How to buy a coffee grinder
A coffee grinder buying guide
With all the choices on a barista's menu, it's no wonder that buying a coffee grinder isn't simple. There are so many different factors to consider, and each one contributes to the taste and strength of your cup of coffee. This coffee grinder buying guide will help you sort through some of the options so you can choose the best coffee grinder for your morning cup of Joe.
>> A simple grinder versus a multipurpose machine
The first step in choosing which coffee grinder to buy is to clarify your needs. Are you looking for a small kitchen appliance that will grind and brew all at once? If you already have a coffee maker and you simply want to grind your own beans, then you need a single-purpose grinder. Or are you interested in a combo coffee, tea and espresso appliance?
>> Consider the type of coffee you will grind
The correct grind size for the coffee maker produces the tastiest cup of coffee. When learning how to buy a coffee maker, think of the kinds of coffee you like to drink. The different types require different grind sizes. Different types of coffee grinders do a better job with different coffee machines. In most cases, the coffee with the shortest brew times needs the finest texture. Espresso has the shortest brew time and needs an extra-fine grind.
>> Consider the type of coffee maker you want
Different coffee makers require different grinds. If you decide not to buy a multipurpose machine, you must consider the type of coffee maker you will be using. Stovetop percolators and French presses require a coarse grind. Medium to fine grinds are best for use in drip coffee makers.
>> Choose between a manual grinder and an electric grinder
Manual grinders are cheaper than electric grinders. They have fewer moving parts and tend to last longer. Manual grinders require quite a bit of effort and time to operate. But if you have the patience, they can achieve a more consistent grind than some electric models. Manual grinders can achieve only a coarse to medium grind, so they are not the best coffee grinder to buy if you want to drink espresso or Turkish coffee.
>> Determine the type of blade you prefer
There are two types of coffee grinders: burr grinders and blade grinders. The coffee grinder comparison chart below shows the differences.
>> Coffee grinder comparison
|Blade coffee grinder ||Uses a flat spinning blade to chop up coffee beans. ||Best for percolator and French press coffee. Inconsistent grind size. These are the most expensive. This coffee grinder design is loud but relatively easy to clean. |
|Burr coffee grinder ||Uses two flat disks to shave the coffee into flakes. ||Good for drip coffee makers. In the medium range for price, they offer a consistent grind. Tend to be noisy and messy. |
|Conical burr coffee grinder ||Uses multiple conical plates to shave the coffee into flakes. ||Achieves the most consistent grind. These grinders are less messy and much quieter than others, but the coffee grinder design is the most complicated. |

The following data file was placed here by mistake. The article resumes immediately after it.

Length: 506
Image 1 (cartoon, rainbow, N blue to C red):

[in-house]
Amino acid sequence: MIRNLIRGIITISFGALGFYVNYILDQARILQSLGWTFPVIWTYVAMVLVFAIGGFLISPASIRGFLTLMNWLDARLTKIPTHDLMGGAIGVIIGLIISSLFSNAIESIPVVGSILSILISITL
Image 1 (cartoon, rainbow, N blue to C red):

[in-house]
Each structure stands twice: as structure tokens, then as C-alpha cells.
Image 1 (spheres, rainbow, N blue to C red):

>> Choose your grinder settings
When figuring out how to buy a coffee grinder, decide what kind of grinder settings you want from your grinder. With some grinders, you can program settings to achieve a particular grind. If you are grinding coffee for a percolator or French press, you may not need this kind of coffee grinder. However, if you want a medium, fine or extra-fine grind, you might want this feature. Just a little too much or too little grinding can create a cup of coffee that is too bitter or lacks body.
>> Consider the grinder size
Think about where you will use and store your grinder. This is an important consideration, especially if you are choosing a multipurpose machine. Look at the spaces in your home before shopping. This way, you will have a sense of proportion as you choose which coffee grinder to buy. You will enjoy your purchase more if it fits neatly into a cupboard or tucks onto your counter.
>> Choose a power level
Decide what type of motor speed you need. High-speed motors are less expensive, but they transfer heat to the beans, resulting in a slight burned or scorched taste. Lower-speed motors grind cost more and grind more slowly, but they stay cooler.
>> Consider the noise
Grinders vary in noise level. Because you may be using your grinder in the morning, think about how much noise you, or others, want to wake up to. Low-speed grinders are quieter than higher-speed motors.
>> Consider other grinder features
Extra features are available with many grinders. Multipurpose models can be programmed to grind and brew your coffee so that it is hot and ready when you want it to be. Other machines have an auto-off feature. Some offer a dosing feature, keeping the coffee beans in a hopper and measuring and grinding only as much as you need for one pot of coffee. Others have features that make them easy to clean or no-mess features to reduce spillage.
When learning how to buy a coffee grinder, it's best to think about your favorite cup of coffee. Is it from the place down the street or from your own kitchen appliance? When looking for the best coffee grinder to buy, there are many choices, but one thing is certain: nothing beats coffee made from fresh ground beans.